Deconstructing: Best Coast And “It All Sounds The Same”
Best Coast’s new EP Fade Away came out yesterday. It sounds… like Best Coast. There are distorted guitars, sugary girl-group vocals, simple major-key chord progressions, jaunty tempos, arching melodies, and plainspoken lyrics about romance, sunshine, and figuring out life. You wonder if she is singing about Wavves. You imagine what the song sounded like before Bobb got his hands on it. You wish you were hanging out with her and Bobb and Wavves at some oceanside bar and drinking a cocktail with an umbrella in it. You tap your foot. You dance around in your desk chair a little bit. For three and four minutes at a time, life is good.
Or maybe life becomes excruciating in those interims — so excruciating that you feel compelled to let the whole world know. So you spout off some spiteful words on the internet — maybe something like this: “Best Coast LP3: let’s see how many times Bethany Cosentino can re-write the same three songs that constitute the entirety of Best Coast’s catalogue.” Or this: “Why do your lyrics invariably read like the asinine diary entries of an 8 year old?” Or this: “At this point, I would rate the cat much higher than the band.” Judging from the comments on the interview with Cosentino we published last week, it seems not everyone feels as fondly as I do about basking in Best Coast’s glow.
The most prominent critique I’ve noticed against the band as its catalog has accumulated is that Cosentino is repeating herself to the point of plagiarism — that her music all sounds the same. I don’t dispute that Best Coast is formulaic; you can read the recipe up in my first paragraph. (For best results, bake all day at 85 degrees fahrenheit in the California sun, then cool overnight in the ocean breeze.) But I do want to combat the notion that “formulaic” equals “bad” as long as the formula is potent.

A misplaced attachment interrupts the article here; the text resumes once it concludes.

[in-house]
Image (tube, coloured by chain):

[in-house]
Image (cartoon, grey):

That truism, “It all sounds the same,” often pops up when people are rejecting entire genres — clueless parents claiming they can’t tell the difference between Kendrick Lamar and Waka Flocka Flame, or flaming rockists confusing Katy Perry with Lady Gaga, or self-styled tough guys lumping Death Cab For Cutie together with Vampire Weekend. What it usually means in that context is “I don’t like this, and I’m not willing to put in the time to gain a nuanced understanding of it.” Of course there are some similarities and some recurring patterns, otherwise the entire concept of genre would be rendered meaningless. Whereas anyone with a passing knowledge of those styles can rattle off plentiful distinctions between those acts, it’s hard to make out the details from afar. The same goes with bourbon or romantic comedies: The subtle differences start to appear when you put forth the effort to become a connoisseur.